A Writing Tip by Karen Rile
SOLVING FOR X
Where did this prompt come from? I’ve used it in my Penn classes for more than twenty years. I’ve personalized and fancied it, but I don’t think the original idea was mine. This week I paged through my personal library of books on writing and teaching and scoured the internet, but I cannot find the author. If you recognize it, drop me a line!
Solving for X creates a detailed and seemingly capricious to-do list that, like all great prompts, frees you from the prison of the empty page. Not quite as daunting as a sestina, but hard enough to keep you interested. The best Solving for X stories make the prompt seem to disappear entirely. The reader becomes so absorbed in your quirky story they don’t notice the successive initial words.
Make it fun, or make it serious. Use it alone, or with your peer writing group, or assign it to your own students.
Solving for X
Write a short story with the following conditions:
1. Your story is exactly 26 sentences long.
2. Each sentences begins with a word which starts with a letter of the alphabet in order. For example: All the excuses had been used. By the time the school doctor saw me he’d heard everything. Coughing, I began to tell him about the lie which I’d hoped would save us all….
3. Your story must include one sentence fragment…
4. …and one sentence should be exactly 100 words long and grammatically sound.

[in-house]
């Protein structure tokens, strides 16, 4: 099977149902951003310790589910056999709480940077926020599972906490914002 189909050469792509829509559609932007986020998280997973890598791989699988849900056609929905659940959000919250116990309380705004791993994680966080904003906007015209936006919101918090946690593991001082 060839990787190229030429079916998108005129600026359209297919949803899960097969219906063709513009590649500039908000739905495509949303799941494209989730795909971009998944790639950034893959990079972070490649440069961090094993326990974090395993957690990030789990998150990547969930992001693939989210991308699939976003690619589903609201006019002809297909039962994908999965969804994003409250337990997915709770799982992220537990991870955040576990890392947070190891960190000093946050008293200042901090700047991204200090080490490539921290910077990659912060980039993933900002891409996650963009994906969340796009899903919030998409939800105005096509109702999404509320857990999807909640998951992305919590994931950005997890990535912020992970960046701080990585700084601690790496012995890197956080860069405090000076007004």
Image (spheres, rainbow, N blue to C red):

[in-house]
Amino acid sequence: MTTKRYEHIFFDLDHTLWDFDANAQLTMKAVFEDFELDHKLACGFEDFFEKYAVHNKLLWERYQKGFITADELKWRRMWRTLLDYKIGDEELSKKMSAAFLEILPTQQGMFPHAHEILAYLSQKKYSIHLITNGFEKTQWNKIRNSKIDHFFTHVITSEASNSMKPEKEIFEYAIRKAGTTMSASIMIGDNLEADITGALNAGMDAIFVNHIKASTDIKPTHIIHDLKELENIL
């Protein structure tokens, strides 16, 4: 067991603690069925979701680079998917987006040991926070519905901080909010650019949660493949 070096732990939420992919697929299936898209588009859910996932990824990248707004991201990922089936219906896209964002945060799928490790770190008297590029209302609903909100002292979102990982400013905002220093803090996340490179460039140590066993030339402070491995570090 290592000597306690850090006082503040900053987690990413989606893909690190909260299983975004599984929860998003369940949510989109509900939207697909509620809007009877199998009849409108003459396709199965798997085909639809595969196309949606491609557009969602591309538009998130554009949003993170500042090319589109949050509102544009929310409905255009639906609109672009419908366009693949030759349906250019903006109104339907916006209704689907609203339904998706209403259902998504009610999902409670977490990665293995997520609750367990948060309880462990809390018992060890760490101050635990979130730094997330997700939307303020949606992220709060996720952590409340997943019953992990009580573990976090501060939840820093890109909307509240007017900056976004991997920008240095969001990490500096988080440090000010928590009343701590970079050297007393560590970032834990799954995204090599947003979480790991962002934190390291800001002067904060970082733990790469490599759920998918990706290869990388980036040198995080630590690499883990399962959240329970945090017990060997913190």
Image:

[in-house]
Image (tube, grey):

Karen Rile is the author of Winter Music (Little, Brown), a novel set in Philadelphia, and numerous works of fiction and creative nonfiction. Her writing has appeared in literary journals such as The Southern Review, American Writing, Creative Nonfiction, Other Voices, Superstition Review, Tishman Review, and has been shortlisted among The Best American Short Stories. Karen has published articles and essays in The San Francisco Chronicle, The New York Times, the Philadelphia Inquirer, The St. Louis Post-Dispatch, and others. She is the founding and chief editor of Cleaver and Cleaver Workshops. Karen lives in Philadelphia and teaches fiction and creative nonfiction at the University of Pennsylvania. She holds a BA from the University of Pennsylvania, an MFA from Bennington College, a certificate in satire from The Second City, and is a kick-ass certified LYT Method movement instructor. She is also the parent of four adult daughters with more interesting careers than her own: an aerialist, a glass artist, a violist, and a playwright. Follow her on Instagram @whatkindofdog.
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